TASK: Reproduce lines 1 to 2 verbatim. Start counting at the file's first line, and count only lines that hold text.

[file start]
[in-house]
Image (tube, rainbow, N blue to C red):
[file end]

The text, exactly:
[in-house]
Image (tube, rainbow, N blue to C red):